• Wolfe170's Avatar

    Wolfe170 asked a questionNon-Hodgkin Lymphoma (NHL)

    Treatment or not

    4 answers
    • Throatless' Avatar
      Throatless

      I agree with po18guy, I wouldn't like to watch and wait. If you get a second opinion from an NCI facility, then it might not be a bad idea, but I wouldn't wait without another Doctor saying so. I wish you the best and hope things move for the better.

      2 months ago
    • carm's Avatar
      carm

      @Wolfe170,
      Hello, I am an oncology nurse and I guess that I run opposite of the two prior suggestions. People are not meant to sustain chemotherapies on a long term basis. There comes a point when too much becomes too much and then you suffer the damage from the treatments which can often be irreversible. If your doctor is giving you the option of surveillance than chances are you are doing great and now is the time to let your body repair itself from the treatment you just completed. It is better to keep that bullet hot in the holster than to use it when it isn't necessary. Sometimes using a treatment when you do not need it will cause long term resistance and then if you get recurrence, you won't have that option anymore, so you remove an option off the table that you know is effective. If your cancer returns you have plenty of time to come up with a treatment plan... It just does not grow that fast. Give yourself a chance to heal and get back to life. Chemotherapy is not the norm; living is. Cancer patients have the option of remission and taking these breaks. Other illness like HIV+, auto-immune, hepatitis B, or diabetes do not. Think about it well and take a leap of faith, or continue on with therapy but know the risks that may occur from overuse. I wish you the best.

      2 months ago
    • CancerChicky's Avatar
      CancerChicky

      If I were in the same position, I would want another opinion to say that's the best thing to do, If so, then I would go with the recommendation.

      2 months ago
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  • Wolfe170's Avatar

    Wolfe170 asked a questionNon-Hodgkin Lymphoma (NHL)

    Confused

    • GregP_WN's Avatar
      GregP_WN

      Over the years I've had some doctors that acted like they were on their first day, then on the other hand I've had some that were confident, take charge, let's get this done, type of people. The first type you have to take charge of and ask questions, keep asking until you have answers you want.

      5 months ago
    • po18guy's Avatar
      po18guy

      This is your opportunity to learn about follicular lymphoma, so that informed decisions may be made. Follicular is a slow-growing, chronic disease. Many people go for years just watching it - so slow growing can it be. However, there is a risk of follicular transforming into the aggressive Diffuse Large B-Cell Lymphoma (DLBCL), which greatly complicates matters.

      Treatment philosophies differ in the medical community regarding the treatment of follicular lymphoma. There is evidence that treating it too early may make it more difficult to deal with in the future. That must be balanced against the risk of transformation. It may be placed in remission, but it is quite common for it to return. The good news is that it seems to keep responding to the same drugs upon relapse.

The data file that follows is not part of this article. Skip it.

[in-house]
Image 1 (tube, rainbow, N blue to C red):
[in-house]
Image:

Doctor may not be communicating well, but I believe that the thinking is correct. You have an infection - one that can progress much more rapidly than any cancer. In nearly all cases, treatment suppresses the immune system - thus its ability to fight infection is limited. The risk is that massive infection (sepsis) might occur, and that takes many lives (i.e. Paul Allen), and takes them much faster than any cancer is able to. If you go into treatment while carrying an infection, the risk of sepsis is greatly increased. All the while you are fighting a cancer that you may have to live with for the rest of your life as a chronic illness. A poor choice.

      Thus, it is very fitting to deal with your infection first. Lymphoma is very rarely an emergency. In fact, depending on the stage (spread) and grade (growth rate) of the lymphoma, the strategy of choice may be "watch and wait." This seems to make no sense until you understand that it is a slow growing disease, but can change its habits - either on its own, or in response to treatment.

      As to lymphoma staging, do not stress over that. It is staged completely differently from all other cancers. Iy flows int he lymphatic system and bloodstream, so it is very common to find it at stage III or IV. No matter the stage, it remains just as treatable. I have been stage IV at least twice, and in 2015, I had two lymphomas simultaneously at stage IV, plus a bone marrow cancer (MDS) thrown in for good measure.

      I advise you to read up and become informed. The Lymphoma Research Foundation is an excellent resource - their website has educational pages.
      https://www.lymphoma.org/

      5 months ago
    • andreacha's Avatar
      andreacha

      I, personally, would find another Oncologist. You should feel safe with your doctor and understand what he is saying. If he keeps changing what he is saying, he would actually scare me. You need someone with more compassion for your feelings. I wish you well.

      5 months ago
  • Schlegel's Avatar

    Schlegel wrote on Wolfe170's wall

    Wolfe179, things may be overwhelming now, but they will get better. I was diagnosed with follicular lymphoma, stage 4, in 2005 at age 60. Since then, I have lived a fairly full life (until recently when I developed some spinal problems). I even went on a mission trip to Armenia in 2011. If you have any questions, someone on this site can help.

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